The Second Circuit made clear that the real test for the fair use defense is whether the secondary artwork is a “transformative” use of the original work, and stated that the law imposes no requirement that a work comment on the original or its author in order to be considered transformative. Indeed, the Court said that a secondary work “may constitute fair use even if it serves some purpose other than those (criticism, comment, news, reporting, teaching, scholarship, and research) identified in the preamble to the statute.” What is critical is whether the new work alters the original with new expression, meaning, or message, and how the work in question appears to the reasonable observer. The Court was careful to clarify that cosmetic changes to an original work would not automatically qualify a secondary work to fair use protection; it is possible that a secondary work could modify the original without being transformative.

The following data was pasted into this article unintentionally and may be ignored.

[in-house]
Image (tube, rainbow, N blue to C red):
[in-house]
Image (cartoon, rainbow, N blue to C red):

In evaluating the use of Cariou’s photographs in Prince’s paintings and collages, the Second Circuit concluded that twenty-five of the thirty works at issue were transformative, manifesting “an entirely different aesthetic from Cariou’s photographs” – Cariou’s photos depicted the natural beauty of Rastafarians in their environment whereas Prince’s works were “crude and jarring,” “hectic and provocative.” Further, where Cariou’s pictures were relatively small and in black and white, Prince’s collages and paintings were massive, colorful, and made of varying media, all contributing to the distinct expressive nature Princes’ work. Even though Prince’s works were commercial in nature, the Court did not give that factor significant weight because of the works’ transformative quality. With regard to whether the Prince’s works would harm the market for Cariou’s photographs, the Court said that in a fair use analysis, the concern is not whether the secondary use suppresses or even destroys the market for the original work (or potential derivatives), but whether the secondary use usurps the market for the original work. The Court reasoned that the audiences for Prince’s artwork and Cariou’s photographs were quite different – Prince’s works sold for millions of dollars and were displayed at exhibitions attended by major celebrities, whereas Cariou’s works had modest sales that would not be impacted by Prince’s works. The Court further reasoned that while Cariou’s photographs were themselves creative works of art, which weighed against fair use, that factor was of limited use where the works of art were being used for a creative purpose. In analyzing the significance of how much of Cariou’s photographs Prince took, the Court said the concern was not only whether Prince took more than what was necessary, but also the quality and importance of the taken materials to the original work. The Second Circuit determined that although Prince used key portions of certain of Cariou’s photographs, Prince transformed those photographs into something new and different.